The most noteworthy aspect of Mudéjar art is its singularity. It cannot be compared to any other artistic style, whether Islamic or Christian, as it arose from a set of historical circumstances that were unique to the Iberian Peninsula during the Middle Ages.
Effectively, when the Christian kings re-conquered the lands of al-Andalus, they had some difficulty repopulating immediately, and consequently they allowed Muslims to stay in the newly conquered territories, retaining their religion, language and system of laws. These Mudéjars, Muslims in Christian lands, joined the new society, worked for its elite and contributed Islamic customs and art, whose colours, exoticism, luxury and refinement fascinated Christian kings and noblemen.
Mudéjar art is easily recognisable by the perfect integration of the materials used (brick, plaster, wood and ceramic), the specific techniques used to work them and the decorative motifs taken from Islamic aesthetics. Mudéjar art should be seen as the survival of Islamic art in Christian society, although this interpretation is only valid from a formal point of view as the Islamic decorative and structural forms in Mudéjar art express the thoughts and values of Christian and not Islamic culture.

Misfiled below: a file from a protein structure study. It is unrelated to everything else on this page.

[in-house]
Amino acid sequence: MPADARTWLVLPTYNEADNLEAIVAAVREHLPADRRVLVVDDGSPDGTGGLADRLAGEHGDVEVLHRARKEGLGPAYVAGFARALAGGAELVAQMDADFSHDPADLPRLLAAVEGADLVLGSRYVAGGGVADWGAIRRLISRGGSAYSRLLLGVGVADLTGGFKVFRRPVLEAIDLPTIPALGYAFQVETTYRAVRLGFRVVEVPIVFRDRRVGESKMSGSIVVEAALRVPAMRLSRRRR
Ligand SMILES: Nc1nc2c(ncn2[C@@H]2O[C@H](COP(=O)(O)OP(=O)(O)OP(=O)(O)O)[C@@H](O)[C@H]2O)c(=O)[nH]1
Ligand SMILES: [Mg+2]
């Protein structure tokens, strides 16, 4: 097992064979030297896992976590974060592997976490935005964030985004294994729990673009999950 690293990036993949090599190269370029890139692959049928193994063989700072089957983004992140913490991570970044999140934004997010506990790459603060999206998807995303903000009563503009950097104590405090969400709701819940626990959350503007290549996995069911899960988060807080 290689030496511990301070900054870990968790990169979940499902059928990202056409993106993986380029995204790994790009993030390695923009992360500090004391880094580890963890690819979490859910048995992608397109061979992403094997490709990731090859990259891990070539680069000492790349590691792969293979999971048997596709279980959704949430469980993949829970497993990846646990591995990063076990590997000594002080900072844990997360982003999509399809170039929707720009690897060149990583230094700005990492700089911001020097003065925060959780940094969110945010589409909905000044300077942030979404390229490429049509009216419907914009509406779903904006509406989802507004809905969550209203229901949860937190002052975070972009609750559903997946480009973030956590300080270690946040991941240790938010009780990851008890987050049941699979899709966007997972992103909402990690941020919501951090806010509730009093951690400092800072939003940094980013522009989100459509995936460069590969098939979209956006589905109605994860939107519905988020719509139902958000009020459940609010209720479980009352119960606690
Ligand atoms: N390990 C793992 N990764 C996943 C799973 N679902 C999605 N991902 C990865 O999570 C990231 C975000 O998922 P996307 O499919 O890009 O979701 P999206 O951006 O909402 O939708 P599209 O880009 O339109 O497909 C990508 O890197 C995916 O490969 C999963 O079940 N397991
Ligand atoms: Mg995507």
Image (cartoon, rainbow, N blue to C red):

Elements of Islamic art combined perfectly with the Western artistic tradition to create a new form which differed depending on whether the combination was based on Romanesque, Gothic or Renaissance art. As a result, strictly speaking, Mudéjar art did not belong to either the Islamic or Christian artistic traditions. A link between two cultures, Mudéjar art became the artistic expression of a complex society in which Jews, Christians and Muslims lived side by side. This makes it a unique phenomenon in the history of art.
The Mudéjar style declined during the AH 10th / AD 16th century and finally disappeared with the expulsion of the Morisco
s in 1017 / 1609. Nonetheless, Mudéjar culture continued to satisfy the taste for a sort of 'Baroque style' until the advent of Baroque itself.